A few weekends ago I traveled to South Carolina to spend a long weekend with six of my closest college friends. Between the seven of us, we left eleven children behind to be cared for by some combination of dads, grandparents and babysitters. The trip was incredibly restful. Even more restful than the naps, the clean home, or the leisurely cups of coffee every morning was the experience of being with a group of people who don’t identify me as or relate to me as my children’s mother. My college friends are scattered coast to coast, and we have never…

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Another Week Ends: Normcore, Eterni.me, Colbert's Late Show Prospects, Post-Grad Advice, and "I Love You, Buts"

Another Week Ends: Normcore, Eterni.me, Colbert’s Late Show Prospects, Post-Grad Advice, and “I Love You, Buts”

Real quick before we get going: Conference recordings should be up early next week! Videos will roll out gradually after that. Also, we’ve pulled Eden and Afterward to make some final changes. Look for a release announcement in the next ten days.

1) Even getting out of the game is part of the game, now. In fact, it is the game de rigueur. If you thought you weren’t in a fashion trend, if you didn’t know a group existed for people who were actually dressed just like most people, now there is, and you are, and it is the innest…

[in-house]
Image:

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On Blessed Messes and the New Law of Mothering Ineptitude

On Blessed Messes and the New Law of Mothering Ineptitude

Over the past few years I’ve noticed a trend in popular women’s theology (ie “mom blogs” and playground conversations) that goes something like this: My life is such a mess. Isn’t it great that I own that?

The trend isn’t just out there. I was taken aback recently when I found myself chastising a lawyer friend of mine for posting photos of the homemade valentines she crafted for her 4 year old son’s class. I wrote something along the lines of, “Can’t you keep the standards low for working mothers? Come on!” I can be easily overwhelmed by the charge of being…

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Living Radically at Home: Tish Harrison Warren on the Challenges of Settling Down

Living Radically at Home: Tish Harrison Warren on the Challenges of Settling Down

In her recent piece for The Well Blog, Tish Harrison Warren writes about her transition from the radical Christianity of her youth to the less exciting, dish-washing, diaper-changing monotony of life as a settled-down mom. Warren grew up in a fairly wealthy Texas community (and all that that entails). She was “the girl wearing WWJD bracelets and praying with her friends before theater rehearsal.” After college, Warren writes that she “[hung] out with homeless teenagers” and attended, barefoot, a church that was actually called “Scum of the Earth.” Warren confesses that now, some ten years later, she still finds “mediocrity…